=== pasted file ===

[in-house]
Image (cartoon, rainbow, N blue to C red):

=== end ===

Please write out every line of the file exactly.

[in-house]
Image (cartoon, rainbow, N blue to C red):